Hinging on Housing
By Ryan J. Puplava CMT, December 27, 2006
The US economy is based largely on the consumer. Consumer confidence is strongly tied to asset valuations, so today’s news releases for the Mortgage Bankers’ Association’s purchase applications index and New Home Sales were fairly important to gauging the possible strength of the US economy. Many investors and homeowners are asking the questions: “Has housing bottomed?" and "Will the market go into a recession?” These two questions reflect the consumers' concern for their two greatest assets: their home and their retirement portfolio. So what are the news releases telling us?
The Mortgage Banker’s Association’s Purchase Index measures applications at mortgage lenders, a leading indicator for housing construction and home sales. The purchase index fell 10.6 percent to 390.2 last week, previously 436.5 the week before and 463.8 in the week ending December 8th. The trend in the last three weeks has been a decline in applications after a quick surge the first week of December from 426.6 to 463. The fall in applications could not have been attributed to a rise in rates because the 30-year fixed mortgage averaged around 6.12 percent, only up 2 basis points last week. Of those applications 48.8 percent were refinancings. The index has been tracking near 400, plus or minus 20 points, for nearly six months. Altogether, it looked like the spike in lending applications the first week of December was short-lived and not the sign of a bottom in housing.
More of a lagging indicator than the MBA’s purchase index, new home sales in the US rose 3.4 percent in November. Two other notes in the announcement were rather important, the supply of unsold homes fell down to 6.3 months' worth from 6.7 months' worth in October and the median price for a new home rose 5.8 percent to $251,700 from $237,900 a year ago. Because supply had fallen in November, the median price rose.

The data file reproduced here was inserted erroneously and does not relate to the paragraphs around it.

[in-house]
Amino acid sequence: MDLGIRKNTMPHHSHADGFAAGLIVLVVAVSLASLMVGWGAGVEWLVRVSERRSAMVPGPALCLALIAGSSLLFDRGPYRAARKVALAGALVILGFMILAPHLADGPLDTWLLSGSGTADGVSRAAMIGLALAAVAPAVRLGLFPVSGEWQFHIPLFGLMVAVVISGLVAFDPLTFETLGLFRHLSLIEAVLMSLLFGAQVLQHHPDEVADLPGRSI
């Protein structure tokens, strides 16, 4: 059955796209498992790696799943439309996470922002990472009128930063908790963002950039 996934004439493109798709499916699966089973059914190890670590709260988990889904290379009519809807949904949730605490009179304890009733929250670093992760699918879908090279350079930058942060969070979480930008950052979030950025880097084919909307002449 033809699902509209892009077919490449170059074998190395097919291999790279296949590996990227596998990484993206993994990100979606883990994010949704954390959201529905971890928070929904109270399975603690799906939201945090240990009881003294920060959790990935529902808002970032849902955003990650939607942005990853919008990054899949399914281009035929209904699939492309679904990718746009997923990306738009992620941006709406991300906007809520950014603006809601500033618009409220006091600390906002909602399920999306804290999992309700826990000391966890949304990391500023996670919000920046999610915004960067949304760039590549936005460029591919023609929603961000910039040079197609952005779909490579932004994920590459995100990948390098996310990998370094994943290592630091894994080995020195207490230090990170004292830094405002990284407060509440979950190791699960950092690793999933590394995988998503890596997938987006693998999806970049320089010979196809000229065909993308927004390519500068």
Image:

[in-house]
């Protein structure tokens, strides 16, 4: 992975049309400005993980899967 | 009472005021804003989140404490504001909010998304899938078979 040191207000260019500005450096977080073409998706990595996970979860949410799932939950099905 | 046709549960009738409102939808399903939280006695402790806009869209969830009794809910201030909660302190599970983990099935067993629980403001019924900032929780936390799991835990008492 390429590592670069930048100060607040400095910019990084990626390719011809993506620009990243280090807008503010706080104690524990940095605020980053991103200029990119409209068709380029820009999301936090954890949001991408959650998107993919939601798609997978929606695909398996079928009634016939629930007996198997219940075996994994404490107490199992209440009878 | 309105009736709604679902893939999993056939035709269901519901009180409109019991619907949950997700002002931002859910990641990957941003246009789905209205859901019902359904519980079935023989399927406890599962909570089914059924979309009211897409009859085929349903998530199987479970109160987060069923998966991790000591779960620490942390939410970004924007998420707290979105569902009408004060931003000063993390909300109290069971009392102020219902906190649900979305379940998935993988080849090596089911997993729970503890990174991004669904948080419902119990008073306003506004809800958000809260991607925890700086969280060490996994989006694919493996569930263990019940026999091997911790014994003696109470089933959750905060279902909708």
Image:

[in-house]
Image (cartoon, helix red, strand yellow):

The fall in mortgage rates since July has helped to stem the 30-percent drop in new home sales over the past year and a half, but data from the MBA’s purchase index shows us that the current bottom may be short-lived.
The stock market enjoyed the news with the Dow Jones Industrials up 102.94 points to 12,510.57, the Nasdaq Composite up 17.71 points to 2431.22, and the S&P 500 up 9.94 points to 1426.84 for the day. The news helped spark buying even in the Dow Jones Transportation Index, up 51.10 points to 4591.86, which has been suffering from the absence of a peak season. The American Trucking Association said that the decline was the largest year-over-year decrease since 2001. Two of the main factors going into a slim season for truckers were better inventory management to prevent a balloon year-end shipment and many retailers kept their inventories small worrying over a slowing economy. The retailers were right to worry: the year-over-year store sales number was also released today for last week’s results, only up 1.7 percent, the lowest rate in almost two years.
The holiday season of consumption is over, and it could have been better. Past new home sales have helped to spark some buying in the market today, but lending applications are falling again and that indicates less buying and more housing inventory in the near future. To see continued strength in housing, we need to see growth in lending applications with a smaller percentage of refinancings. With too much supply and not enough demand, prices should continue to fall, yet a rebalancing may be already underway.
Looking at housing starts in a contrary fashion, we see that they have been on a decline since January and have recently risen (up 6.7 percent in November). Demand is starting to find some life as noted in the drop in unsold supply of homes, and we can see that housing starts are pulling back to prevent too much inventory. Housing may yet have the soft landing the market has been hoping for.
© 2006 Ryan Puplava